Version Control- Git

In this tutorial, you will learn to install, configure, and use Git on Linux.

Part 1 - Launch terminal

In this part you will launch the Linux terminal.

1. Open the Terminal window.

Alternatively, you can press Ctrl+Alt+T to access the terminal.

Part 2 - Install Git

1. Update APT repository

sudo apt-get update

Enter  password, if prompted

2. Install git.

sudo apt-get install git

Press Y, if prompted

3. In the terminal run following command to find git version number.

git –version
git help
git help -a

Part 3 - Using Git

In this part you will use Git to perform various operations, such as, check in, check status etc.

1. Switch to the "Documents" directory.

cd ~/Documents

2. Create a directory.

mkdir -p workspace/git

3. Switch to the "git" directory.

cd workspace/git

4. Initialize repository.

git init

5. Tell Git who you are.

git config --global user.name "Alice Smith"
git config --global user.email alice@smith.com

Note: One interesting aspect of Git is that it separates user identity in the repository from any sort of authentication or authorization. Because a distributed repository will generally be maintained by many separate individuals or systems, the identity of the committer must be contained in the repository – it can't just be supplied as a user id when we do the commit. So, even if we're not connected to any central repository, we need to tell Git who we are. The identity that we supply will be recorded whenever we commit to a repository.

6. Create a text file.

nano sample.txt

7. Enter following text.

First Version!

8. Press Ctrl+O to save the file and hit enter.

9. Press Ctrl+X to exit to the terminal.

10. Get Git status.

git status

Notice sample.txt is listed under untracked files.

11. Add the files to tracked.

git add .

Note: Here you are adding the current directory. You could also add the file using "git sample.txt".

12. Get Git status again.

git status

Notice sample.txt is tracked.

13. Commit changes.

git commit

Notice it launched text editor automatically which lists operations that will get performed when files are committed. Here you can add detailed description that will get saved when you commit the changes.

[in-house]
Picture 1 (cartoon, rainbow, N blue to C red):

14. Add following text in the first line.

Added sample.txt

15. Press Ctrl+O to save the file and hit enter.

16. Press Ctrl+X to exit to the terminal.

17. Get Git status.

git status

Notice it says there's nothing to commit since you have already committed all changes.

18. Modify sample.txt.

nano sample.txt

19. Change "First Version!" to "Second Version!"

20. Press Ctrl+O to save the file and hit enter.

21. Press Ctrl+X to exit to the terminal.

22. Get Git status.

git status

Notice it says the file is modified.

23. View changes.

git diff

Notice it shows old text in red and new text in green.

24. Create another file.

nano another.txt

25. Add the following text.

Hello World!

26. Press Ctrl+O to save the file and hit enter.

27. Press Ctrl+X to exit to the terminal.

28. Add all files.

git add .

29. Get Git status.

git status

Notice it's showing 1 file as modified and 1 file as a newly added file.

30. Commit changes.

git commit -m "Made 2 changes"

Notice when you pass -m switch, you can store a simple single line comment.

31. Get Git status.

git status

Notice there's nothing to commit.

32. Delete sample.txt

rm sample.txt

33. Recover file.

git checkout sample.txt

34. View sample.txt

cat sample.txt

Note: It restored latest version by default.

35. Delete file again.

rm sample.txt

36. View all versions of a file.

git log

Notice it shows user, commit id, date time, and comment.

37. Copy the commit id for the older version.

38. View changes between current and the first version.

git diff <commit_id>

39. Restore the older version.

git checkout <commit_id> sample.txt

40. View file content.

cat sample.txt

Notice it's the first version.

41. Close the terminal.

Part 4 - Review

In this tutorial,  you installed and used Git.

Karandeep Kaur June 28, 2019

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